You’ve been told not to judge a book by its cover, right? I understand the sentiment, but we really can’t help ourselves. Covers contain crucial information both in their design and in their words. There is some information on a book’s cover that many people don’t know how to decipher. Let me tell you how to make sense of the information about authors, co-authors, editors, and contributors.
When you see the names of two authors separated by the word “and,” it indicates they are co-authors. In general you would expect this means they have made roughly equal contributions to the book, in either the ideas or the writing. Usually the authors’ names are listed alphabetically, though if one person is much better known, his name may be first simply for purposes of marketing. In some circumstances one name may be in a bigger font than the other one. This tends to indicate that one person’s contribution was more significant than another’s, though it could also simply be marketing to emphasize the name that is most likely to catch the eye of a potential purchaser. In a co-author situation, you expect that both authors are compensated by drawing a royalty from the book’s sales, then dividing it among themselves.
When you see the names of two people separated by the word “with,” it indicates the first name is the author while the second is a collaborator. The author is the person responsible for the content with the collaborator the one responsible for the writing. This could mean it is a memoir with the subject of the memoir listed as the author and the collaborator as the one who has made that person’s story into a book (Cecil Murphy takes this role quite often, as does Lynn Vincent). It could also mean it is a book based on a series of sermons with the preacher listed as the author and the collaborator as the one who turned the content of the sermons into a book. (You may think of a few books by Matt Chandler with Jared Wilson”). Publishers may use a collaborator when an author is a poor writer or when he is too busy to turn original material into books. Alternatively, there are some people who are particularly skilled at adapting existing material into books or study guides. In an author/collaborator situation, the collaborator will usually be paid a set amount for his work while the author is compensated by drawing a royalty from the book’s sales.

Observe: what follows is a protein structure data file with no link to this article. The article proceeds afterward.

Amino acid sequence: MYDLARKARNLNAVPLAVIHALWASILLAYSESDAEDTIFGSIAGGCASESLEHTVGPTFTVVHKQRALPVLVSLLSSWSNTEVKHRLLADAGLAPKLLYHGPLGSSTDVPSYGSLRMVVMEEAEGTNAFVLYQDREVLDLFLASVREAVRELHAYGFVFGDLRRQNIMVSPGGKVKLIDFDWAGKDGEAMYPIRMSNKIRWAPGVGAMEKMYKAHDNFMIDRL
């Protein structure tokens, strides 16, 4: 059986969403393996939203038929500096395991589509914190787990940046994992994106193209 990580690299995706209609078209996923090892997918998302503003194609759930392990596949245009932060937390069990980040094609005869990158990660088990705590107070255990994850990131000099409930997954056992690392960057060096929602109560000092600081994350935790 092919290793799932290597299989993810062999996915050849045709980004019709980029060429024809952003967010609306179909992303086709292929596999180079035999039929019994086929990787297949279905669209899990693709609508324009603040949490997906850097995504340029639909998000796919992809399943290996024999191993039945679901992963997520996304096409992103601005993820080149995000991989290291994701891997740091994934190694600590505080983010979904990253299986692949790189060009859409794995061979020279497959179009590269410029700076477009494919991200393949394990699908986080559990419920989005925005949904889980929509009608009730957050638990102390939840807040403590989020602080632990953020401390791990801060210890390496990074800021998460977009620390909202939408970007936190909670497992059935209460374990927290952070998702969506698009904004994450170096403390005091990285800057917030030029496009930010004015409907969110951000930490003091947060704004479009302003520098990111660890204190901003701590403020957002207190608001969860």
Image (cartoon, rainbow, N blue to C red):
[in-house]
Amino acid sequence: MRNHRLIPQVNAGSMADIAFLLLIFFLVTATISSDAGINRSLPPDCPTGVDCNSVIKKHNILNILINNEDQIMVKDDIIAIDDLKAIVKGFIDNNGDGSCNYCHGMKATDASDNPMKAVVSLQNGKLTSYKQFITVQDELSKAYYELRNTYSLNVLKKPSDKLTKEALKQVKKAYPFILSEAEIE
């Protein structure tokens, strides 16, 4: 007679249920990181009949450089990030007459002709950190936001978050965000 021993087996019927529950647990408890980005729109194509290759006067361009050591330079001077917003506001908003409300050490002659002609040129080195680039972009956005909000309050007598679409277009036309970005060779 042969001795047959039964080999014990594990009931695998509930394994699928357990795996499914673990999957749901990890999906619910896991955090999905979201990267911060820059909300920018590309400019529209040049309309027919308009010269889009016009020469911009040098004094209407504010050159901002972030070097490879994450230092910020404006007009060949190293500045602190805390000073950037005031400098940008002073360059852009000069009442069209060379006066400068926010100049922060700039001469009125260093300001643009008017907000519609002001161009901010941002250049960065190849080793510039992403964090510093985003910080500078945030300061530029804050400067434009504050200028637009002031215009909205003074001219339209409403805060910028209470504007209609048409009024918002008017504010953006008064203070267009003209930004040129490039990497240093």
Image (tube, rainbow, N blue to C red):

“Edited by” and “Contributor”
Sometimes a book will be made up of contributions from a number of different authors under the guidance of an editor. In this case you will see “Edited by” to indicate the person who took the lead on the project and “contributor” to indicate people who prepared one or more of the chapters. The contributors are assigned a topic, then submit them to the editor for approval and inclusion in the book. Contributors tend to be listed alphabetically, though the ones who are best-known may be listed first for purposes of marketing. In the Christian world these books are most often collections of talks delivered at a conference or academic books on a single topic. For example, a few months after a Desiring God, Together for the Gospel, or Gospel Coalition conference you will usually find a book containing edited versions of the sermons delivered there. In this situation, the contributors are sometimes paid a flat rate while at other times they and the editor are all compensated through a royalty.
One thing that is whispered about in Christian publishing is the use of ghostwriters–unnamed and unacknowledged writers who are paid to prepare books on behalf of a prominent personality. There are stories, perhaps apocryphal, of “authors” who only learn they have written a book when they see their name on its cover. This certainly happens often in the general market, and undoubtedly happens from time to time in Christian publishing as well. It was at one time declared a secret that haunts the Christian publishing world and there was good evidence it was a common practice. If the practice continues today in the Christian world, it would be primarily among people whose books sell in the many millions. If it does happen, I am not at all certain how the payment structure works, though I suspect the ghostwriter is most often paid a fixed amount for his work.
So there you have! Now you can properly judge a book by its cover by deciphering the information about authors, co-authors, collaborators, editors, and contributors. Now you know who you’re really reading…